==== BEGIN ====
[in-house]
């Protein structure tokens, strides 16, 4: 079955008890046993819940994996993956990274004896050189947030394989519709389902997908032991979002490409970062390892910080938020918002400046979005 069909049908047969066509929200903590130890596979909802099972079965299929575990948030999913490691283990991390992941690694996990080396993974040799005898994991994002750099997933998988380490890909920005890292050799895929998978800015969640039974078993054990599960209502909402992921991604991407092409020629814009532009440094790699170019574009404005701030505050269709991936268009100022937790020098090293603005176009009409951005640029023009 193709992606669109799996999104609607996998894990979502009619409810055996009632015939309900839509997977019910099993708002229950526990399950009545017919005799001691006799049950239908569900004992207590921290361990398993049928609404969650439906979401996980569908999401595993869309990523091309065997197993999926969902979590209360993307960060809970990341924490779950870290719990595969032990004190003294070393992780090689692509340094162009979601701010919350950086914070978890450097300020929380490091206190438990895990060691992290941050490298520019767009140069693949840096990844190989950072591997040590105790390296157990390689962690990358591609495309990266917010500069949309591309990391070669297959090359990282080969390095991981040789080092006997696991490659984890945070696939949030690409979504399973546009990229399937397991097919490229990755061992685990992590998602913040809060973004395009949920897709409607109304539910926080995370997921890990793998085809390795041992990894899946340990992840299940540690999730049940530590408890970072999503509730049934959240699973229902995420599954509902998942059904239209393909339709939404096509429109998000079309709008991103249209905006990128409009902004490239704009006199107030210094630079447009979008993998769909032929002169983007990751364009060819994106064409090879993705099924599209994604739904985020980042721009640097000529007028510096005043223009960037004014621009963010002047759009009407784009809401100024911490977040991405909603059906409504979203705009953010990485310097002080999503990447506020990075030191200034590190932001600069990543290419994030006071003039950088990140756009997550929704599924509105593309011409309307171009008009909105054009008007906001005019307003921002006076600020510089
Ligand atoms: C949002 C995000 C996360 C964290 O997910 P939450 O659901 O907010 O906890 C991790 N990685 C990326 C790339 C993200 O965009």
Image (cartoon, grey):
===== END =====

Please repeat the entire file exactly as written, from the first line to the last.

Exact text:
[in-house]
């Protein structure tokens, strides 16, 4: 079955008890046993819940994996993956990274004896050189947030394989519709389902997908032991979002490409970062390892910080938020918002400046979005 069909049908047969066509929200903590130890596979909802099972079965299929575990948030999913490691283990991390992941690694996990080396993974040799005898994991994002750099997933998988380490890909920005890292050799895929998978800015969640039974078993054990599960209502909402992921991604991407092409020629814009532009440094790699170019574009404005701030505050269709991936268009100022937790020098090293603005176009009409951005640029023009 193709992606669109799996999104609607996998894990979502009619409810055996009632015939309900839509997977019910099993708002229950526990399950009545017919005799001691006799049950239908569900004992207590921290361990398993049928609404969650439906979401996980569908999401595993869309990523091309065997197993999926969902979590209360993307960060809970990341924490779950870290719990595969032990004190003294070393992780090689692509340094162009979601701010919350950086914070978890450097300020929380490091206190438990895990060691992290941050490298520019767009140069693949840096990844190989950072591997040590105790390296157990390689962690990358591609495309990266917010500069949309591309990391070669297959090359990282080969390095991981040789080092006997696991490659984890945070696939949030690409979504399973546009990229399937397991097919490229990755061992685990992590998602913040809060973004395009949920897709409607109304539910926080995370997921890990793998085809390795041992990894899946340990992840299940540690999730049940530590408890970072999503509730049934959240699973229902995420599954509902998942059904239209393909339709939404096509429109998000079309709008991103249209905006990128409009902004490239704009006199107030210094630079447009979008993998769909032929002169983007990751364009060819994106064409090879993705099924599209994604739904985020980042721009640097000529007028510096005043223009960037004014621009963010002047759009009407784009809401100024911490977040991405909603059906409504979203705009953010990485310097002080999503990447506020990075030191200034590190932001600069990543290419994030006071003039950088990140756009997550929704599924509105593309011409309307171009008009909105054009008007906001005019307003921002006076600020510089
Ligand atoms: C949002 C995000 C996360 C964290 O997910 P939450 O659901 O907010 O906890 C991790 N990685 C990326 C790339 C993200 O965009």
Image (cartoon, grey):